Medieval thimble found in Bridgnorth declared as treasure
A rare post medieval silver thimble discovered on land in south Bridgnorth has been declared treasure by a coroner.
On June 8, 2017, metal detectorists discovered the thimble, which dates back to the 17th century, and the item was declared as treasure by Shropshire Coroner John Ellery at an inquest at Shirehall on Thursday, January 31.
Finds Liaison Officer for Shropshire Peter Reavill explained that the the decorated thimble dates to the mid-17th century and is formed from rolled silver sheet.
It includes a zig zag pattern and had a short inscription that stated: "FEARE GOD" in block capital letters.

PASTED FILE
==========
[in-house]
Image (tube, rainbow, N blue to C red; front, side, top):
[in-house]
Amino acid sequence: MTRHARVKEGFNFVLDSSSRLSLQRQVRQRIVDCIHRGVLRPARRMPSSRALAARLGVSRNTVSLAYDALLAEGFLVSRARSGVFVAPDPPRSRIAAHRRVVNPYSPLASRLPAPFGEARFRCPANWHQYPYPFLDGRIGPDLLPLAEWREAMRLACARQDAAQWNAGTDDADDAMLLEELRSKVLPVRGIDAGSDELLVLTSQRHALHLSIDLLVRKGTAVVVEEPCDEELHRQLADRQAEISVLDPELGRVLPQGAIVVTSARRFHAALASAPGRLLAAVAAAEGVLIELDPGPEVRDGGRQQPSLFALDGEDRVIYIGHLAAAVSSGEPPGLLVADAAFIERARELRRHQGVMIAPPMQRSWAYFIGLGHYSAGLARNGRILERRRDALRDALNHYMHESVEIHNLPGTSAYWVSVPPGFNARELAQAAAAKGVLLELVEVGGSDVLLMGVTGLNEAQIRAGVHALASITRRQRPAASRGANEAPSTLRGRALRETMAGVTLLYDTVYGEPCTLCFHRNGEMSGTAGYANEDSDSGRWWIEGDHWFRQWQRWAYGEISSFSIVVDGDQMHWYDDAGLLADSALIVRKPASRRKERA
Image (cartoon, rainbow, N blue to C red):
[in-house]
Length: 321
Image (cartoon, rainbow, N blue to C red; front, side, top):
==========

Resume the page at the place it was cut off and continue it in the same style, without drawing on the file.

Mr Reavill said: "The thimble can be dated to the 17th century on the basis of style, spelling and the form of the seriffed capital letters, a form popular in the 1650s.
"The motto can be paralleled against other later 17th century silver artefacts including thimbles and posy rings.
"Thimbles with waffle-shaped indentations and religious mottoes are typical of the Commonwealth period (AD 1649-1660). Small objects such as rings and thimbles often bore improving mottoes such as 'Feare God', 'Labour is profitable' or Worcke is profitable."
In his report, Mr Reavill said Dora Thornton, a former curator at the British Museum had noted the items were used to nobility and gentry and were often donated by women on the parliamentary side to be melted down during the English civil war.
She also stated thimbles of this date are now rare discoveries, and were important from Holland to England in large numbers at one stage.
Mr Ellery declared it was more than 10 per cent silver and was 300 years old, which meant it qualified as treasure.
The pieces will now be valued, and the Shropshire Museum Service and Bridgnorth's Northgate Museum will be given the option to acquire them.